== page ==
Top Tip: It’s important to ensure the baffle is at least 15 inches wide and sloped downwards at the sides so that the squirrels can’t reach around them. Many baffles are designed to spin or twirl if a squirrel or other small furry mammal jumps onto them. This keeps the squirrel off balance and unable to get to the feed.
The area below the bird feeder should be kept clean and clear. You should remove any debris or spilled seeds to prevent squirrels from scavenging close to the feeder. Seeds that are left on the ground could become old and start to rot or get contaminated. This is unhealthy for ground-feeding birds or any other animal.
If squirrels have destroyed your feeder, perhaps consider buying a specially designed squirrel-proof feeder. The feeder may have doors or hatches that are triggered to close if there is weight added. As birds are so much lighter than squirrels, they will still be able to access the feeder without trouble.
It may also be a good idea to get a bird feeder made out of metal or at least have a thick, sturdy design that squirrels can’t damage easily.
Squirrels are generally attracted to most types of birdseed. However, they don’t like the bitter taste of nyjer or safflower seed. By using these seeds in your feeders, you will still attract birds, but snack time will be over for the furry competition.
Most mammals, squirrels included, are sensitive to pepper, chili, or spicy food. Birds, however, are not. Birds are able to eat chili peppers all day without feeling any burning sensation. You can deter squirrels by sprinkling cayenne pepper, or something similar, onto the birdseed. Bear in mind that the chili spice might wash off if it rains, so you may need to top up consistently.
It is possible to buy pre-treated chili seeds or suet from some local retailers for convenience. If you are planning on sprinkling your own pepper spice on the seeds, wear gloves and avoid breathing in the fiery dust.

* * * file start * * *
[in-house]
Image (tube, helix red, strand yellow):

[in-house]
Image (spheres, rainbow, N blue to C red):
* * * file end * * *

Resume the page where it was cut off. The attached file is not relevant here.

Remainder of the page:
If you are really struggling with a squirrel problem and they are a big nuisance, you can contact the local wildlife authorities. They might have some good ideas about relocating squirrels using humane trapping methods. Make sure to follow wildlife laws and find out what the regulations are for your specific area.
Remove the Shelter
Squirrels will be less likely to take over feeders if their homes are far away. By removing possible shelter options around your house will cause squirrels to seek shelter elsewhere. Put in place preventative measures to stop squirrels nesting in old sheds, in attics, or under eaves.
What You Should Not Do
As frustrating as it may be to keep on coming up with ways to deter squirrels, there are a number of methods that you should never attempt. It’s important to remember that squirrels play their own important role in the ecosystem. Squirrels should never be hunted, poisoned, or endangered in any way.
Author Note: Setting poisoned bait out may cause not only squirrels to die, but birds and other wildlife may be killed too if they go for the bait. Raptors or eagles that prey on poisoned squirrels, or other animals, may be seriously injured or even die.
It is a bad idea to release cats on squirrels. Cats do not distinguish between prey and will just as easily go for a bird or other animal. It is also a bad idea to coat a pole in oil or grease to deter squirrels. The oil may cause illness or vulnerability if birds or other animals get coated in it.
If you cannot get the squirrels to leave, you can try removing feeders for a few days or weeks. This may temporarily force squirrels to feed elsewhere, but they will probably come back as soon as you put the feeders back. If you have tried several different techniques to deter squirrels, you may find it isn’t always possible to totally squirrel-proof a bird feeder.
A nice alternative to constantly struggling with deterring squirrels from bird feeders is to set them up to their own feeding station. Squirrels can easily be tempted with nuts, corn, and berries. Setting up an easy access squirrel take-out is a great way to ensure that the birds can feed without being interrupted.
Squirrels are part of nature and have many fascinating skills and characteristics. They have the same right to be in your garden as birds, insects, and other creatures. Squirrel watching can bring just as much joy as watching cardinals, purple martins, or finches as they go about their daily business.
In the end, there are many ways to keep squirrels away from bird feeders, but the occasional squirrel visit is to be expected.
Happy feeding and watching!